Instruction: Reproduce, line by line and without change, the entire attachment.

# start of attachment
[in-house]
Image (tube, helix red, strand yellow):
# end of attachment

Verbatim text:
[in-house]
Image (tube, helix red, strand yellow):